Everyone needs to eat, and we have used this universal constant as a cultural touchstone for all of our history.

In the last several hundred years, however, another constant has been steadily inserting itself into our lives: technology. In our exponential age technology is inescapable and omnipresent. It seems strange, then, that food and technology are still such separate spheres of influence. Food is mostly an offline endeavor, personal instead of universal. To safeguard the future of our food system, however, that is likely to change. We don’t just need an Internet of Things, we need an Internet of Food.

Our food is nearly limitless

The potential of this kind of far-reaching integration of technology and our food is nearly limitless. It goes far beyond being able to meet the production quotas required for the growing global population, far beyond even abolishing harmful pesticide or fertilizer use.

Thanks to modern technology

Big data has proved its efficacy in many areas. From marketing to sports to behavioral science, information is everything. So why should food be any different? It shouldn’t, according to many initiatives like AeroFarms in Newark, NJ. AeroFarms is pioneering a new generation of urban farms

A system like AeroFarms uses up to 95% less water than traditional field farming, but even those traditional field farms benefit from the connectivity that comes with an Internet of Food. By equipping cattle with sensors, for example, farmers will be able to tell which areas of their field have been naturally fertilized and only apply – carefully calibrated and consistent – fertilizer to the areas that need it. They can also use the same technology to remotely monitor the cattle’s health, fitness, and determine optimal breeding times.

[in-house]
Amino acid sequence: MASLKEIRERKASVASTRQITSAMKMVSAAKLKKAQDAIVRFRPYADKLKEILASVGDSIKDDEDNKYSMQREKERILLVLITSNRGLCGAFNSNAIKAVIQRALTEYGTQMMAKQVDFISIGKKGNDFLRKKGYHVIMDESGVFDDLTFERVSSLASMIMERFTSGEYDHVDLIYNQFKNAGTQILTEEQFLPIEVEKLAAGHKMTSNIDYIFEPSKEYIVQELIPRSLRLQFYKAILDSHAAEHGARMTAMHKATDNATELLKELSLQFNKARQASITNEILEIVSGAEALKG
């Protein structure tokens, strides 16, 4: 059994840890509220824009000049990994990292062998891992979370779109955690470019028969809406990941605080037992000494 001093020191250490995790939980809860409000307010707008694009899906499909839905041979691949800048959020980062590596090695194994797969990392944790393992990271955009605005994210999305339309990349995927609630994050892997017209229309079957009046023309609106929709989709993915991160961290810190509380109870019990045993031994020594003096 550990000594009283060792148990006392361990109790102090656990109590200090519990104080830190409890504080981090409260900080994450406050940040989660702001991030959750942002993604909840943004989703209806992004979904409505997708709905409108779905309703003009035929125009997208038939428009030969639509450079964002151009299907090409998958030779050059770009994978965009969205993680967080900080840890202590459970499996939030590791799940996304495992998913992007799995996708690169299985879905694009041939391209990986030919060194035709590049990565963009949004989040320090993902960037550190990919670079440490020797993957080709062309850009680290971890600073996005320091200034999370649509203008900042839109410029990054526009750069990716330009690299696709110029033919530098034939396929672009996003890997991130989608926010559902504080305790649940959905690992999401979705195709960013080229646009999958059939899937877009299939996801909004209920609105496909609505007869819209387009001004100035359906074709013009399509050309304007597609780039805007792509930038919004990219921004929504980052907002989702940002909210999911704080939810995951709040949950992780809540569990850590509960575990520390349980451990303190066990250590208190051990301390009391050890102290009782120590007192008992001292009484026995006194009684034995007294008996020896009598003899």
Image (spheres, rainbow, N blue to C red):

Freedom of choice

Chefs, too, stand to benefit from an Internet of Food. In the current system many chefs are (willingly) limited by seasonality. Different ingredients grow at different times, after all. Nature does as nature wills, but if we can mimic the ideal natural conditions for seasonal ingredients in a closed, controlled system, then all bets would be off. Summer vegetables could easily grow in the heart of winter then, and ingredients that only grow in specific regions of the world would be available everywhere. Ensuring quality would be a breeze because the sensors would allow us to contrast and compare every fiber in every root.

Do you want to read the darker side of this story? Now in the new Food Inspiration Magazine: The Internet of Food.